Let say you want to design a highly available large-scale system. What will you read?
You might start to read about how Google, Facebook, Netflix or all those big companies build their system. That makes perfect sense.
Along the way, you will see a lot of design decision, such as how Facebook use GraphQL in their backend, Stripe using Ruby as their main language, etc.
You might start to think that those are all proven ways to build a large scale highly available system.
And that is where it is incorrect.
I recently saw this type of reasoning and start to worry about it.
Let say you design a system for those companies; what kind of concern do you need to think about?
- What is a usage characteristic?
- How will the requirement grow?
- How can we ensure system availability?
- How can we trace any issue from user tickets?
- How engineering team will work together?
According to all these concerns, you put many many design decisions to accommodate and balance all needs from every constraint the best you can think of.
Let say that to ensure GDPR requirement; you need to do X. And to ensure high availability, you need to do Y. And then to ensure performance, you need to do Z.
You will do many other things, but let just keep it simple.
But from the outsider's perspective, they see that your system implements X,Y,Z, and your system is very performant. As they are objective and data-driven, they think:
Based on the data and actual result, it is clear that I do X and Y, then I will get a performant system.
The truth is both X and Y are design decision that is not related to performance at all...
Just because a system is performant, it does not mean every parts of the system are designed to be performant.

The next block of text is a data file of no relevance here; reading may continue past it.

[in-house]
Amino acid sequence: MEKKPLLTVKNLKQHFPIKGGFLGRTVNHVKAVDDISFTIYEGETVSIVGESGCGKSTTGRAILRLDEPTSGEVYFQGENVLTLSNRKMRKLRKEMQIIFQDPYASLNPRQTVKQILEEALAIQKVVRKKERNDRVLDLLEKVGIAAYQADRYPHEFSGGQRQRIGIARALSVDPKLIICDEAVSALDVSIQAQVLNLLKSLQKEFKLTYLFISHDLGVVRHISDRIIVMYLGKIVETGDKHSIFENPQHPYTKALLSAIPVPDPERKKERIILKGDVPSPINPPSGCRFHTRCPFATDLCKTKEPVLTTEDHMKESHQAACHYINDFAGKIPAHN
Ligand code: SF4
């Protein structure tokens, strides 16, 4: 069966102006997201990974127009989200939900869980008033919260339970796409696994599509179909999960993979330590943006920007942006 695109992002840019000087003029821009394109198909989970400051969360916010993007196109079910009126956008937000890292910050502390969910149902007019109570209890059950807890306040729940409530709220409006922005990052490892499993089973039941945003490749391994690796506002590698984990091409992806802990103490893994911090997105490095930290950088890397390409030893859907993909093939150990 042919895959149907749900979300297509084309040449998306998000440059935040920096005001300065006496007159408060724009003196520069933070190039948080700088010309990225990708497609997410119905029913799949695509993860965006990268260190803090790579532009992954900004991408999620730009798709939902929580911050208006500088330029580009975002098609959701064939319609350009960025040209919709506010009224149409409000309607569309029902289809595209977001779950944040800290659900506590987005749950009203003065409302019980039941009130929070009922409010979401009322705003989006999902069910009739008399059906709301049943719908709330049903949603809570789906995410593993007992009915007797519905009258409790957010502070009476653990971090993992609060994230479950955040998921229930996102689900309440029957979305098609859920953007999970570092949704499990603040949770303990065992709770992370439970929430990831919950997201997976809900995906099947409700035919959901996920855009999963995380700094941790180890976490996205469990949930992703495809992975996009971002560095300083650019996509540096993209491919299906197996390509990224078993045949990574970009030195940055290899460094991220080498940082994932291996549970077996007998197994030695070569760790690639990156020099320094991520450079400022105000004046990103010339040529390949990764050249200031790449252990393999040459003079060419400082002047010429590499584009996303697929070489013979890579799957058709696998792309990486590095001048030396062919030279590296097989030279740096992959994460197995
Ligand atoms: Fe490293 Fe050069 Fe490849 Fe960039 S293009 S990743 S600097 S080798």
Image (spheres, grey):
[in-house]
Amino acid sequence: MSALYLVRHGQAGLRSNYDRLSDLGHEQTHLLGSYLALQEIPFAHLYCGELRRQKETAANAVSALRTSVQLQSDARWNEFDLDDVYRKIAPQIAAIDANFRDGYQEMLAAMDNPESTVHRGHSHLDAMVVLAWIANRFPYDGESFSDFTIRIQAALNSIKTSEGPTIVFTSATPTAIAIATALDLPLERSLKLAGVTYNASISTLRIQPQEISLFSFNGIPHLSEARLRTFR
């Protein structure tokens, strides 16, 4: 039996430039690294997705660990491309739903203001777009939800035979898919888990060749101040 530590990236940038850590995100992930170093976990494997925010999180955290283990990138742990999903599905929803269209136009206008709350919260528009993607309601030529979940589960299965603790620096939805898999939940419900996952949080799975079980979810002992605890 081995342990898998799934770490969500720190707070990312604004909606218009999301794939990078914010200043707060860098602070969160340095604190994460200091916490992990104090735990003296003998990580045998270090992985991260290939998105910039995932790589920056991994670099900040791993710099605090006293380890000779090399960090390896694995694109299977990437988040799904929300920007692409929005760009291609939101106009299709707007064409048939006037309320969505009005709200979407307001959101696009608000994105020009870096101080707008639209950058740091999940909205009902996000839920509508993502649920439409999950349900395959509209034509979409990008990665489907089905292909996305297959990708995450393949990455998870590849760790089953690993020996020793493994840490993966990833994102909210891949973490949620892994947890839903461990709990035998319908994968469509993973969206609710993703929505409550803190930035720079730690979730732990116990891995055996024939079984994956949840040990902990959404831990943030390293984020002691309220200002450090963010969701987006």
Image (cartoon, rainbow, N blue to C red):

Just because a system is highly available, it does not mean every technique implemented in that system are contribute to high availability.
Just because a system produces a result Z, does not mean design all design decision A, B, C are all related to Z.
Some real-life examples
- While many large scale complex systems implement Microservices, it does not mean that microservices are a requirement for large-scale systems. In fact, you must be this tall to use microservice. Many systems out there handle scale very well without it
- While Facebook uses GraphQL on their backend and their backend possibly handle a billion requests per day, The design of GraphQL enables even large teams to make changes with a high degree of isolation and confidence. It meant to solve the coordination problem in a large team and has nothing to do with performance and availability (well, technically a little bit, but let leave that discussion out)
I was worried about this because I recently saw some post claim that one big company achieve X, and they do Y, so if we want to achieve X, we need to do Y.
And Y was meant to solve totally different unrelated problems.
In order to understand the real correlation between a design decision and outcome, you need to go way further than just look at the result. Or at least read through the motivation behind each decision.
And if you write a design document, please also write a motivation and trade-offs. Otherwise, many followers will interpret it in the wrong way.
Thanks for reading!!